Feingold has already denied an intention to challenge Obama. I've alternately gushed and gnashed teeth about Feingold, but he is not an idiot. According to the most recent Gallup poll I could find with crosstabs, Obama's approval rating is 83% with Democrats and 88% with liberal Democrats. The latter number represents near-universal acclaim. There is no opening here. What's more, liberal Democrats are not the only kind of Democrats and Obama's numbers are fairly strong with both moderate and conservative Democrats, which would be harder groups for a challenge to Obama from the left to penetrate. As a side note, it is bizarre to me that much of the liberal blogosphere has scrambled to speak to the subset of that disapproving 12% that actively looks for news and commentary online, while ignoring those making up the other 88%. There's Balloon Juice and The Daily Dish for sites that don't take a completely hostile approach to Obama, I suppose.
Other tea leaves McInturff read this morning are less positive for team Obama. McInturff's polling finds that those opposing Obama's current Afghanistan strategy are "overwhelmingly Democratic."
McInturff said the escalation of the war in Afghanistan, the continuing housing of terror suspects in Guantanamo Bay and Obama's propensity to "compromise" leave his left flank wide open for a Democratic challenger in the primaries. He added that based on his reading of things, a primary challenge is actually "very likely."
McInturff even had a potential name for Obama's liberal foil in 2012: just-defeated Sen. Russ Feingold (D-WI.)
There are two essentially firm rules about primary challenges to presidents. The first is that one they almost never succeed. It's hard enough to beat an incumbent president seeking re-election, but in order to get there in the first place you have to form a lot of relationships with powerful people within your party and earn their favor in order to win. Even a president widely considered an apostate by the base (as Gerald Ford, Jimmy Carter, and George H. W. Bush were) is still extremely hard for more ideological insurgents to knock off for that reason. For such an effort to be a success a president would probably have to alienate every single powerful interest in their party as well as breeding intense hostility among both the base and elites, which is rare since most presidents actually want another term--the only president who ever did anything like this was John Tyler way back in the 1840s, which is basically the same as saying it never happens. That's not to say it couldn't happen, but it's mostly to say that backing an insurgent is a very risky move for activists to take--it's an abandonment of a still very powerful person in favor of someone who has no track record of winning a national election--that few will go for it even if they sympathize with the insurgent more. I mean, most Republicans wanted Reagan to primary Ford in 1976, but it was not successful, and this is why.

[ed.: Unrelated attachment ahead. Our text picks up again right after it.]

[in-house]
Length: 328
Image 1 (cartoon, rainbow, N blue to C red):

The other firm rule is that presidents who face stiff primary challenges usually lose the general election. Ford faced Reagan in 1976, beat him and lost to Carter. Carter defeated Ted Kennedy in 1980 and lost to Reagan. And Bush won easily against Pat Buchanan, who had a lot of support from then-embryonic conservative talk radio. Bill Clinton beat him in the general election. These sorts of primaries breed intraparty divisions and bad blood that make it hard for the incumbent president to rebound from to unify the party (though Ford came very close). Feingold is no fool, and he is certainly aware that launching such an effort, even if he would want to, would fail and help hand the White House to a Republican. What's more, while I like Feingold and a lot of other liberals do as well, he doesn't have anywhere near the stature in the party to make a credible go of it--he's no Ted Kennedy, if you will. Ultimately, I doubt Obama will face any serious threat to his leadership in 2012 (perhaps Dean would try it, but I said serious), as the liberal discontent we often hear about is exaggerated, and the extent to which liberal Obama followers are disappointed with certain actions he's taken or not taken usually doesn't outweigh overall support for the man, which is hardly an insane position when one considers what he's accomplished, as this Rolling Stone article does. But if you don't believe me, listen to someone you trust to lie always: Bill Kristol thinks it will happen. So it won't.
This notion that Russ Feingold will challenge Obama for the Democratic nomination seems to be entirely a right-wing desire. There have been no stories about bad blood or feuds between the two men that I've come across, and while I'm sure he frustrated the White House on FinReg (and vice versa) that seems like a thin reed from which to launch a candidacy.